A number of studies have found that African women engage in transactional sex which can be defined as “non-commercial, non-marital sexual relationships motivated by the implicit assumption that sex will be exchanged for material support or other benefits”.
An analysis of 339 research articles on the nature and motivations for women’s participation in transactional sex in sub-Saharan Africa has identified three types of transactional sex; ‘sex for basic needs’, ‘sex for improved social status’, and ‘sex and material expressions of love’. It is worthwhile noting that transactional sex is seen as distinct from commercial sex work—in which the exchange is explicit and sex is immediately remunerated.
In terms of sex for basic needs, women and girls are vulnerable victims who have little choice, but to exchange sex for money, food, or other material support as a result of their economic and social marginalisation. Attention is given to gender inequality, women’s economic dependence on men, and the different impact of economic changes on men and women. For example, in contexts where many men are absent due to labour migration, women are described as using multiple sexual partnerships to get hold of resources.
This approach also emphasises women’s lack of power in sexual relationships and describes women as victims of men’s privileged status. To tackle this kind of transactional sex, HIV prevention efforts could seek to develop economic empowerment or provide financial resources, so as to reduce women’s economic dependency on men.
“Sex for improved social status” is when young women wish to differentiate themselves from poorer people or feel peer pressure to have a lifestyle similar to that of wealthier friends. In these scenarios, women’s roles are as active, sometimes powerful, agents in transactional relationships—women use their erotic power to charm wealthier men and get hold of resources. Some locally used expressions imply that it is the woman who is in control—she is “milking the cow”, “de-toothing” or “skinning the goat”. But often when women have entered into a relationship, women may have little say over when sex takes place or whether condoms are used.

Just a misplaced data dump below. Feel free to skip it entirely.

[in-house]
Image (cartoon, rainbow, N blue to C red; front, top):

This type of transactional sex suggests that the small micro-loans or cash transfer interventions such as that used to prevent ‘sex for basic needs’ may not provide enough cash to meet women’s consumer needs. Prevention programs that target ‘sex for improved social status’ should work with women to help them influence safer sex.
‘Sex and material expressions of love—men sometimes offer gifts not necessarily as exploitative, but as expressing commitment. “How would I know he likes me if he does not buy me nice things?” asked one Ugandan woman in a study. The idea that ‘real men’ provide for their girlfriends and wives.
Interventions that target ‘sex and material expressions of love’ would address fundamental gendered belief systems, especially those that position women as sexually subordinate to men who provide material support. n